Fri
Jul 21 2006
09:17 am

Yesterday we noted that turnout through the first five days of Knox County early voting was up 85% over the May primaries. We were wondering if this is normal, or if there were other factors at play such as heightened interest in the term limits issue or concerns about long lines related to new voting machines and a long ballot. Or the Corker attack ads.

The Mrs. and I were also thinking that good voter turnout favors the challengers, and particularly challengers of possibly term-limited candidates in the county commission races.

Then, I got an e-mail from the Tom Salter campaign which notes that turnout in the 5th commission district is way out of proportion to the size of the district, with 1493 of the 5569 total votes (26.8%) through five days of early voting coming from 5th district voters. Coincidentally, that early voting precinct had a 180% increase in turnout as compared to the May primary, the largest increase of any early voting location.

You may recall that Salter ran a successful write-in campaign to get on the ballot and now faces a possibly term-limited candidate for County Commission seat 5-C. The Salter campaign has been working hard on getting out the vote. Are these early voting numbers a result of that effort? Can this be interpreted as an indicator of voter sentiment regarding term-limited candidates? Will other challengers benefit?

(Over in the 9th district, there is some purely anecdotal evidence based on a tiny and statistically insignificant sampling that Pleasant and McGill have both achieved name recognition and earned some votes. Is this another possible indicator of voter attitudes towards incumbents?)

We'll know the answers to these questions in a couple of weeks. Until then, it's interesting to speculate whether any court decision on the charter and county commission term limits will be rendered moot by Knox County voters.

Number9's picture

Three scenarios.

Three scenarios.

1.) Can't we all just get along? The Ragsdale machine is hitting on all cylinders. The phone bank, postal mail, and email machine is spreading the word and the word is harmony. Griess wins, Corker wins, and Martin wins. Ragsdale understands politics and has the money and the team. The Ragsdale teams motto is vote early. Most likely scenario.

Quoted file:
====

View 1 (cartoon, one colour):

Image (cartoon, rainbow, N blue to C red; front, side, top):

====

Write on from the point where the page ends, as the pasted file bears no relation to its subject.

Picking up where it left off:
2.) Corker baby. Money talks and District 5 Repubs are buying what Corker is selling. Fear of Ford drives them to vote. The Grey Panthers strike.

3.) Rage against the machine. Tom Salter and Thomas Deakins's work is making a difference. Least likely scenario but possible. Voters take their frustration out against Griess for suing against the Charter and this provides a catalyst for a large vote.

Thomas Deakins shows the new Republican viewpoint. Deakins is what Ragsdale wishes he could be. Smart, independent, and selfless, Deakins may prevail even if the rest of the Ragsdale machine wins. Expect a full court press by team Ragsdale against Deakins. They fear him more than any other candidate. The other wildcard is Randy Sadler who is running against Mike Hammond as an Independent. Hammond has been caught in several half-truths about the hated roundabout at Northshore and Concord. Hammond should win comfortably but who knows in an election like this?

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